way, e.g., one for each category of person, number, tense, voice, and
mood. Affixes may be “glued” to the stem of word to add to its
meaning or to show its grammatical function, e.g., in Swahili
wametulipa “they have paid us” consists of
wa
+ me
+ tu +lipa
they perfective us pay
marker
Languages which are highly agglutinative include Finnish, Hungarian,
Japanese, Swahili, and Turkish, although there is no clear-cut
distinction between agglutinative, inflecting, and isolating languages.
Inflecting (fusion) Languages
The form of a word is changed to show a shift in meaning
or grammatical function. Often there is no clear distinction
between the basic part of the word and the part which
shows a grammatical function such as number or tense.
For e.g.: mice (= mouse + plural); came (= come + past
tense). Greek, Latin, English, Russian, and Ukrainian are
inflecting languages, though English is analytical, whereas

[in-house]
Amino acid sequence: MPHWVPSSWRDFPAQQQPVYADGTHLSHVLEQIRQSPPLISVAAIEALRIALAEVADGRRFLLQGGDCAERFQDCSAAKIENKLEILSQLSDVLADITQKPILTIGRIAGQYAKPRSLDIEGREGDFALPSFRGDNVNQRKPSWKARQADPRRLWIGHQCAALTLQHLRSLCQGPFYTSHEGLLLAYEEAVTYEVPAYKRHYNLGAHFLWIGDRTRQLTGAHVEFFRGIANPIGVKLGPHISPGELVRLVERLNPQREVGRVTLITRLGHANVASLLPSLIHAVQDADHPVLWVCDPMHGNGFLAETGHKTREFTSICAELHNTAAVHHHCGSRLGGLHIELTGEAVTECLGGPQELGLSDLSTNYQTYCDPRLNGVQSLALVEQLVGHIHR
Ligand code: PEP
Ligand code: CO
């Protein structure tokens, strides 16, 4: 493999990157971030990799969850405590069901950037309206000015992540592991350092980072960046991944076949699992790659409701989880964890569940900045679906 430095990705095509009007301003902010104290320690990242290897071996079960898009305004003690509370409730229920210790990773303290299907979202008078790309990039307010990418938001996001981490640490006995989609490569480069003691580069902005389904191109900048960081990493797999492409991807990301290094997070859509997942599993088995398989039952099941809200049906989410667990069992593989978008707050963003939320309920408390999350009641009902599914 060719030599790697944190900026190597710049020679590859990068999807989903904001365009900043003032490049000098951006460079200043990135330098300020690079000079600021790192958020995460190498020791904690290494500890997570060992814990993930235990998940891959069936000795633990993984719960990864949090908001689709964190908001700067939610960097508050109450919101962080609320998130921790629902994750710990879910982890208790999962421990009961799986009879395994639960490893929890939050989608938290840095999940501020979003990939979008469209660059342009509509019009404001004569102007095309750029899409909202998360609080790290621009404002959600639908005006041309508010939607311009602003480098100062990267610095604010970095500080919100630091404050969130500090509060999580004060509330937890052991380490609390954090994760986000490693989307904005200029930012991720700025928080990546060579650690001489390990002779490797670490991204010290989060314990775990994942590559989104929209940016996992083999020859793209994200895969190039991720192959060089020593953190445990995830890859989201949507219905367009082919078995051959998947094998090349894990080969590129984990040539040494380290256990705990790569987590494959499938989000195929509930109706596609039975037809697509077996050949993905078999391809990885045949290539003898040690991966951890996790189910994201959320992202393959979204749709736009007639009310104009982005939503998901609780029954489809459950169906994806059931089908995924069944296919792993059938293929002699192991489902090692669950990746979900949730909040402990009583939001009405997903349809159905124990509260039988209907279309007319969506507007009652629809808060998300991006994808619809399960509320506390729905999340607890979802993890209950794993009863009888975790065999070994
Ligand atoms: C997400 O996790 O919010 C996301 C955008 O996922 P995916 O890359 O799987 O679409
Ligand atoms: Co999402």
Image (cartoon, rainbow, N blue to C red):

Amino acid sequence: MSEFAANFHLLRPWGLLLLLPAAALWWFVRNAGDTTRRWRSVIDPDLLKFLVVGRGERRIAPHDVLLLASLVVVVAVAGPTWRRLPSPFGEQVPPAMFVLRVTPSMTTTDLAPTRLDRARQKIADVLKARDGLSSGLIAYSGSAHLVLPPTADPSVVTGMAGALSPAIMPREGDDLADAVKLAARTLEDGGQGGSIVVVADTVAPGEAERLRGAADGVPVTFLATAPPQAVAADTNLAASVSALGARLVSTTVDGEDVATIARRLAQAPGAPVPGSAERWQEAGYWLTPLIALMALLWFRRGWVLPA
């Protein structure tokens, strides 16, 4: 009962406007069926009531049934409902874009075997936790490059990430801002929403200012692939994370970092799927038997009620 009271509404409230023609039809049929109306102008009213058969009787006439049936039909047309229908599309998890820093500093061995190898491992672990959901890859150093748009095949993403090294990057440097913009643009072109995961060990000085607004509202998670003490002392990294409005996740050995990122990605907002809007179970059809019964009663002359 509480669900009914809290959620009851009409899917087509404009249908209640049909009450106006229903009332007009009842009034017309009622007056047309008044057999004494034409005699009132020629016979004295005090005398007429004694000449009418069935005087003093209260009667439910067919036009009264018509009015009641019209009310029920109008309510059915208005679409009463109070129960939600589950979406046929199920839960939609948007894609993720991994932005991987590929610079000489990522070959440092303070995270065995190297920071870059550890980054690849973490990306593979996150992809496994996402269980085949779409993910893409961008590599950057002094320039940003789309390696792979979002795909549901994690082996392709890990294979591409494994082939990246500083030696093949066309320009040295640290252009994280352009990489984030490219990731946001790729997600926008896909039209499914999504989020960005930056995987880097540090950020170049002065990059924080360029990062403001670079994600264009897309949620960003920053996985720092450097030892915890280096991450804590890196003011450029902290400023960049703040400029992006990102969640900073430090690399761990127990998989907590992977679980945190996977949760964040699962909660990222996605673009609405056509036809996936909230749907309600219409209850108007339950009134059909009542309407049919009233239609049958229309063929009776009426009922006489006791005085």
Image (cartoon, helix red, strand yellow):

other languages mentioned are synthetical (with more
inflections and fewer auxiliaries).
ANALYTICAL & SYNTHETICAL LANGUAGES
SYNTHETICAL LANGUAGES
Grammatical meaning is
synthesized with the lexical one
within the word form. Grammatical
meaning is realized by means of
inflections and word-forming
affixes, sound interchange (ablaut),
and suppletivity.
ANALYTICAL LANGUAGES
Lexical meaning is realized by
notional words, while grammatical –
by auxiliaries, word order, and
intonation. Analytization is extremely
intensive and is manifested in the
functional synonymy of caseinflections, reduction of the nounparadigm, word-order fixation,
predominance of adjoinment in wordphrase relations, abundance of